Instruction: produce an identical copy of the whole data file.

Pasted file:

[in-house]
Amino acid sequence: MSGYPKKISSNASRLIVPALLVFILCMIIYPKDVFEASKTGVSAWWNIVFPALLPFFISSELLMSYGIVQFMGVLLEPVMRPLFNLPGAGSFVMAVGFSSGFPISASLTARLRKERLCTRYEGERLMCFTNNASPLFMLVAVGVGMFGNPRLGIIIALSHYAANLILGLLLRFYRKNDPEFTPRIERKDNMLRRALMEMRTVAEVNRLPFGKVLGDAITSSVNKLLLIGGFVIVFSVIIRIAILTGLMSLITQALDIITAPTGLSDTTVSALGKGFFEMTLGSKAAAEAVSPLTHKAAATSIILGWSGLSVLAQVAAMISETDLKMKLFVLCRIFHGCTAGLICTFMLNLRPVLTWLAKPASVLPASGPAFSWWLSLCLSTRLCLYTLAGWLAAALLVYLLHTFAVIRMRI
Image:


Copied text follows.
[in-house]
Amino acid sequence: MSGYPKKISSNASRLIVPALLVFILCMIIYPKDVFEASKTGVSAWWNIVFPALLPFFISSELLMSYGIVQFMGVLLEPVMRPLFNLPGAGSFVMAVGFSSGFPISASLTARLRKERLCTRYEGERLMCFTNNASPLFMLVAVGVGMFGNPRLGIIIALSHYAANLILGLLLRFYRKNDPEFTPRIERKDNMLRRALMEMRTVAEVNRLPFGKVLGDAITSSVNKLLLIGGFVIVFSVIIRIAILTGLMSLITQALDIITAPTGLSDTTVSALGKGFFEMTLGSKAAAEAVSPLTHKAAATSIILGWSGLSVLAQVAAMISETDLKMKLFVLCRIFHGCTAGLICTFMLNLRPVLTWLAKPASVLPASGPAFSWWLSLCLSTRLCLYTLAGWLAAALLVYLLHTFAVIRMRI
Image: